It's good to be an Ozark Tiger these days.
The football team's run to today's Class 5 state quarterfinal is the program's longest since a 2007 semifinal run. That year, the Tigers lost to Lee's Summit West, today's host for the 1:30 p.m. quarterfinal.
But the success of coach Mark Bliss' team is just the latest in a fall filled with championship runs across the board.
Recently, the softball team was the runner-up in the Class 4 state finals, and the volleyball team took third place for the third consecutive year in its fourth straight trip to state.
"It's been fun," activities director Mark Caballero said during a phone conversation while driving home from the state swimming finals. "It's fun when you get to go deep into the playoffs. Those are special times with the kids. Making memories with these kids and helping them grow up."
When Bliss was hired as coach before last season, that's what Caballero said piqued his interest in the coach's candidacy.
Of course, the four state titles in 15 years at six stops didn't hurt either.
As you would expect, the 10-1 Tigers are having a blast this year. But Bliss said the fun came even before the wins did, and it was kick-started by the senior class.
"They are always joking around in the locker room, but when it's time to get serious, they do," Bliss said. "They are a real fun group of kids, and have made it fun for me and my staff."
The task will be tall today against the top-ranked Titans (11-0), who dispatched Central and Parkview by a combined score of 110-24.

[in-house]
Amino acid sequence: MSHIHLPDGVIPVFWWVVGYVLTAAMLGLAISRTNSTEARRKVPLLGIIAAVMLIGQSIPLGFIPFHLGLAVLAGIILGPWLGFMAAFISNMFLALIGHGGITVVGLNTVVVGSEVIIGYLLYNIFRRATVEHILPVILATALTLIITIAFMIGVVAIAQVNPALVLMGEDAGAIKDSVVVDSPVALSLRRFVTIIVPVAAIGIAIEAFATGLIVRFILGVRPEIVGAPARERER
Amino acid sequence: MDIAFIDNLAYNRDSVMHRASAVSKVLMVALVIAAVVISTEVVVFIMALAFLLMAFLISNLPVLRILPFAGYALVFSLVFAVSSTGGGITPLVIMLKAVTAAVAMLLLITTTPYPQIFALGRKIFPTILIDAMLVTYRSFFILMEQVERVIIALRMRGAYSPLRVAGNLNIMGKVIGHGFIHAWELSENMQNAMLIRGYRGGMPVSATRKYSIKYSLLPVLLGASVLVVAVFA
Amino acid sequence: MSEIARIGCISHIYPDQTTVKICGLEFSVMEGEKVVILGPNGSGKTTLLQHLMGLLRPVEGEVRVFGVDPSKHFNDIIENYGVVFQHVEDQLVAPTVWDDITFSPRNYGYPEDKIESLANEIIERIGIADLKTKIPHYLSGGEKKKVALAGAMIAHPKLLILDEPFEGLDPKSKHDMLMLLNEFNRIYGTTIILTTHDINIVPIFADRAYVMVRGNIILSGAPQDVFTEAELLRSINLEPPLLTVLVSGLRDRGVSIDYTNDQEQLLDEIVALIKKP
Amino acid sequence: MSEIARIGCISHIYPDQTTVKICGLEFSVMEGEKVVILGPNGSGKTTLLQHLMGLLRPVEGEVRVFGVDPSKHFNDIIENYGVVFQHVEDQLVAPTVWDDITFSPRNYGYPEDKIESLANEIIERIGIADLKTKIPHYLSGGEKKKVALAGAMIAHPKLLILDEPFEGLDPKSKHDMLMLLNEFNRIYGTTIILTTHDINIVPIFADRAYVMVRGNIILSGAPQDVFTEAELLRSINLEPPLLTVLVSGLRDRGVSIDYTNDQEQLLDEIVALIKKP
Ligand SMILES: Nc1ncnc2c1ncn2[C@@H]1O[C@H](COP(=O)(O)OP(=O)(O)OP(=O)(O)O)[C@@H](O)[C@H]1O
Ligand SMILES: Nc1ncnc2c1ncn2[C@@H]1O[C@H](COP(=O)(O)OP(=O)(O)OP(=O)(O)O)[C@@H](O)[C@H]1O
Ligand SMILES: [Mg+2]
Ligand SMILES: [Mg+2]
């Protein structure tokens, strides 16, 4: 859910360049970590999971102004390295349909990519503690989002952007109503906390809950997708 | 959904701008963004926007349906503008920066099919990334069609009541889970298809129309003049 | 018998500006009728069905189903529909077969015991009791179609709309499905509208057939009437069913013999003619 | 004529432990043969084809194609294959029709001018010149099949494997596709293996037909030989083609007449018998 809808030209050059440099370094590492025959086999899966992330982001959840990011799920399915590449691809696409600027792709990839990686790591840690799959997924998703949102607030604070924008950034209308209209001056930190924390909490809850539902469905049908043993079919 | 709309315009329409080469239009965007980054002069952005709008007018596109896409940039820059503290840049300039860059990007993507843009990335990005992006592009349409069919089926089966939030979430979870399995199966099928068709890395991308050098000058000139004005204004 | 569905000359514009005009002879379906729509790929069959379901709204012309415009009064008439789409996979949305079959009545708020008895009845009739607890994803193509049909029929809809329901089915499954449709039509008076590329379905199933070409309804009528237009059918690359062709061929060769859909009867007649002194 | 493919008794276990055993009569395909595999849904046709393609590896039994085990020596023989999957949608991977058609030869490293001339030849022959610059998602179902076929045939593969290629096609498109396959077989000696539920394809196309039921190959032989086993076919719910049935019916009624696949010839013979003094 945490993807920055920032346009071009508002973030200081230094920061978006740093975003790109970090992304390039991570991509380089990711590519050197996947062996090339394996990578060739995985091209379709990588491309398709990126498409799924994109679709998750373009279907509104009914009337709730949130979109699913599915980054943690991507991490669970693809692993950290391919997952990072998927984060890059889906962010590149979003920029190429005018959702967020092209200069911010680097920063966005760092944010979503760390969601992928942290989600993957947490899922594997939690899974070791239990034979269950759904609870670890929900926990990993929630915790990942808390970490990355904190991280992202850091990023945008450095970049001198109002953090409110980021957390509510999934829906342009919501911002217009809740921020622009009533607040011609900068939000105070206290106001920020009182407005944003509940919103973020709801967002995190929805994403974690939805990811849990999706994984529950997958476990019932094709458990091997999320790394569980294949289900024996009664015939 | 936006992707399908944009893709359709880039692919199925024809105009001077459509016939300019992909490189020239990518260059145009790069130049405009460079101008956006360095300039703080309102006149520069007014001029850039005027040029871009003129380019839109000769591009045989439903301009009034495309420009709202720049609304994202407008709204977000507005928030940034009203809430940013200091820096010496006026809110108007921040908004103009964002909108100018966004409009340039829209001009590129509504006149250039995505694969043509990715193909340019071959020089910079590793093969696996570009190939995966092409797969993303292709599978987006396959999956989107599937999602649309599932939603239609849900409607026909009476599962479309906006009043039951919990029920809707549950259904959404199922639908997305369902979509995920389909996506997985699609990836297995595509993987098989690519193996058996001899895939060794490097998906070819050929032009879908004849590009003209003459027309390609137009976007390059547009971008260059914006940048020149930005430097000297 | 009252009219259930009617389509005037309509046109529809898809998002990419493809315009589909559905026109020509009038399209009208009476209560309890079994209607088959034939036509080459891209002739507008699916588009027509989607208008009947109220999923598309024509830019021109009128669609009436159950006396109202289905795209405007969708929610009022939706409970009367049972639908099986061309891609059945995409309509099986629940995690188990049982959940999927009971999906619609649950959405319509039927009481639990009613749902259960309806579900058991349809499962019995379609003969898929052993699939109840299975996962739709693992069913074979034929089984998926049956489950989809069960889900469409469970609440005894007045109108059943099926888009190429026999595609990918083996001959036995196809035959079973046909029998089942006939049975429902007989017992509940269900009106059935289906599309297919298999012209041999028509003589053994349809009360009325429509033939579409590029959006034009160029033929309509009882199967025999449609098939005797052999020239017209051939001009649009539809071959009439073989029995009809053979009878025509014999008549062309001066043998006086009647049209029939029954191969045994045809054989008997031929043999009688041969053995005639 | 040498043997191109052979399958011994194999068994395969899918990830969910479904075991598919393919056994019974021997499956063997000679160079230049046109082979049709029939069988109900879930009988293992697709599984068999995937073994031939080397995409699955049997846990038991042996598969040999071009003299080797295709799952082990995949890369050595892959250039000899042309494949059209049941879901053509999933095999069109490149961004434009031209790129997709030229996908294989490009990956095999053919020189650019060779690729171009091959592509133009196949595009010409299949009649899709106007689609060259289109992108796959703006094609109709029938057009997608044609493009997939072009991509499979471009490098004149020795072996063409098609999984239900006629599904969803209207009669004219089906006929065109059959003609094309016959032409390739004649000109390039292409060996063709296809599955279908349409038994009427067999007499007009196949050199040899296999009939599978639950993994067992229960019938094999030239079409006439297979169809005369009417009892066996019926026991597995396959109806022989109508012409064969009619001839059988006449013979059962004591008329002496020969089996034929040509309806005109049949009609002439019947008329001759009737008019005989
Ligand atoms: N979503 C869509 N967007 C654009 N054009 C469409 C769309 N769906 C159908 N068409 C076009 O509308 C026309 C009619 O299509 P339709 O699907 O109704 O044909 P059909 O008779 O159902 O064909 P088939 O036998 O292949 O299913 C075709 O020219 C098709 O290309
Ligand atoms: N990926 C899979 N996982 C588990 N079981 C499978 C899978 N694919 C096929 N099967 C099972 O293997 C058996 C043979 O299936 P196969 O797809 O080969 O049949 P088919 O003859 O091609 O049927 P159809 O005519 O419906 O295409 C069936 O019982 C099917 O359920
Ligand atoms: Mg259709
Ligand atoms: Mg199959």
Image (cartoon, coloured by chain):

But even with a loss today, the first two years for Bliss have been a success, as the team was 3-6 the year before he arrived, and is 17-4 since.
Caballero said the winning around the building has been contagious.
"It kicks off your school year and the culture is fun," he said. "The teams and the community are really excited about what we're doing."
Continuity in the coaching ranks also helps. The only hire Caballero has had to make this year was replacing long-time wrestling coach Mike Jackson with Jesse Zeugin, who had a successful run at Rogersville and is taking over one of the state's best programs.
Conner Sutton, a senior swimmer who qualified for state for the second season, said the winning culture is noticeable in the hallways at school.
"People know about it, and you get a fire going," he said. "Once you get that fire going, everyone gets that spirit about them. It makes you practice a little bit harder, or whatever you're down in whatever you're doing, you've got that fire to come back.
"Once one team starts to do well, everyone starts to get a little school pride."